A man has been banned from his favourite pub after complaints about – his three FERRETS.
Former soldier Tim Pender, 57, regularly drinks and dines in the Old Coastguard with his pets Joy, Grace and Jason.
The three ferrets have long dined with him on his lap or on a lead and Tim says he needs them to help him leave the house each day because he’s agoraphobic.
But Tim says he is distraught after being barred from the boozer because of his furry friends.
The manager said they had to take action after getting several complaints over many months from other diners about their”pungent” smell.
Tim, of Mousehole, Cornwall, said he felt ‘physically sick and upset’ by the decision and claimed he is the victim of ‘discrimination.
The ferret owner, who makes stained glass for a living, said the general manager followed him outside and ordered him to stop bringing his beloved pets with him.
The hotel hit back and claimed it dealt with the matter sympathetically and that Tim was himself only then barred for being rude to staff.
But Tim said: “It was a big shock and I felt physically sick when the manager, Louis, followed me outside and told me not to come back with my ferrets anymore.
“They are my companions. I suffer from a form of agoraphobia and having these wonderful little creatures with me gives me the courage to leave the front door every day.
“It feels like I’ve been discriminated against – I felt sick, shocked and upset.”
He added: “People who come into the Old Coastguard have never seen an animal like them.
”Lots of people are delighted by them – they are very intelligent and affectionate creatures very similar to a dog.
“They are as good as gold. They love music. In fact, they were enjoying some bluegrass in a pub last night.”
Mr Pender said when he had previously taken them into the Old Coastguard the ferrets had always either been in a bag, on a lead or sat on his knee.
“They have never caused a problem that I have known of,” he said.
“To be barred is very upsetting, especially as I actually worked at the Old Coastguard for a couple of summers as a young man when I was at university.”
The hotel general manager Louis Vanhinsbergh said he approached Mr Pender in a sympathetic manner to ask him to refrain from bringing in his ferrets as a large number of customers had complained about the smell of the animals.
He said: “We had been receiving complaints for a good few months – people were asking to move tables and some were not willing to even eat here anymore because of the pungent smell of the ferrets.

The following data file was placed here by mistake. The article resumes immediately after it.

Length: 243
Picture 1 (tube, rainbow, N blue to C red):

“They had also escaped off the lead in the garden which is a health and hygiene issue. Plus, we allow dogs, and ferrets and dogs don’t get along that well.
“I have always got along with Mr Pender since I started working at the Old Coastguard in 2011 and had been umming and aahing about how best to approach him about the problem.
“We had a very amicable conversation about it. In fact, I didn’t tell him just how many people had complained and for how long as I knew it would upset him.”
Mr Vanhinsbergh said there then followed a “tirade” against the hotel from Mr Pender on social media as well as personal comments aimed at him.
The manager messaged Mr Pender asking him to stop being rude to his staff.
Mr Vanhinsbergh pointed out that the former customer had not been barred over the ferrets issue but after an outburst in the restaurant last week when he shouted and was “outrageous” to staff in front of other diners.
Edmund Inkin, one of the owners at The Old Coastguard, added: “Being a good community pub matters to us and is something into which we have invested an enormous amount of time and energy.
“So our decision to ask Tim not to bring his ferrets into the building or its garden was only one we’d take after much thought.
“The more recent move to ask Tim himself to stay away is as a direct result of his behaviour on site towards members of our team.”
Mr Pender is now regularly drinking with his ferrets in the King’s Arms in the neighbouring village of Paul.
Tim said the ferrets go everywhere with him and were the only therapy he found had worked since he was diagnosed with Combat Stress.
He served with the Royal Signals between 1984 to 2003.
He added: “They give me love and companionship like any other pet. I don’t know what I would do without them.
“When I was in the Army I suffered a rough time and was diagnosed with Combat Stress.
”My ferrets have been the only therapy that has worked for me. They give me the courage to come out and overcome all my problems.”
Tim said he had been going to the Old Coastguard all his life and the ferrets have joined in there for about four years.
He added: “They go everywhere with me and as soon as I got them they never left my side.
“I started with just one that I adopted from my girlfriend when she went back to Spain. The first one was called Fluffy and we sadly lost him under a car.
“I have had the two girls for 18 months and recently added a third male for breeding.
“I thought they were extremely popular at the restaurant and that everyone loved them. I have never had any negative feedback at all so I was very shocked.”